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8 votes

Is there proof that the D-wave (one) is a quantum computer and is effective?

Is there proof that the D-wave (one) is a quantum computer and is effective? D-Wave Video - Offers an explanation of: "How do we know ...": https://youtu.be/kq9VqR0ZGNc One analogy you might make ...
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  • 2,229
7 votes

How much faster is “D-Wave Two” compared to its predecessor?

As far as I know the closest answer to your question for applications is given in the recent (still unpublished) work presented at the March meeting by Bibek Pokharel, where he compares graph 3-...
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6 votes
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Adiabatic Quantum Computing vs Adiabatic Quantum Optimization vs Quantum Annealing

I'm very happy my answer from 3 years ago to that question is still helping people! The answer to your new question is found here: Notice that there is another term here which is "Quantum Adiabatic ...
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6 votes

Why is it crucial that the initial Hamiltonian does not commute with the final Hamiltonian in adiabatic quantum computation?

If two matrices (in this case, Hamiltonians) commute, they have the same eigenvectors. So, if you prepare a ground state of the first Hamiltonian, then that will (roughly speaking) remain an ...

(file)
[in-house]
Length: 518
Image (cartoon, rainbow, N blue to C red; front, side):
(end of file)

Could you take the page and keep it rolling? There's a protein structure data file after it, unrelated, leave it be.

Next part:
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6 votes
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Assessing speed-up via Quantum-Stochastic correspondence

Yes. This has been done by Morita and Nishimori in their 2008 publication, "Mathematical Foundations of Quantum Annealing." https://arxiv.org/abs/0806.1859 In Section 5 they derive the convergence ...
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  • 1,679
6 votes
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Adiabatic Quantum Computer e intermediate Hamiltonian evolves the state within the manifold

This is a very particular application of Adiabatic Quantum Computing so I think it's worth briefly mentioning some context. Roughly speaking, one wants to show that given a quantum circuit defined as ...
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5 votes
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What is the difference between QAOA and Quantum Annealing?

One of the advantages, as stated in the paper you linked, is that with QAOA you can increase the precision arbitrarily, whereas QA will only find the solution with probability 1 as $T \to \infty$ ...
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  • 1,679
5 votes
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When and where was the first use of the term Chimera?

The earliest non-internal reference I can find is in NIPS 2009 from a Google/D-Wave effort1. You'll notice that the two Choi papers, in addition to not using the term "Chimera", do not describe a ...
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4 votes
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Are there established best practices for designing Dwave embeddings?

There are multiple factors that affect an embedding's performance, including what Davide mentions. Depending on your background, the following interpretation of Davide's answer might be easier for ...
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4 votes

Are there established best practices for designing Dwave embeddings?

On parameter setting, check our work: https://journals.aps.org/prx/abstract/10.1103/PhysRevX.5.031040 (Basically you want to make sure that the chains representing the logical qubit have a phase ...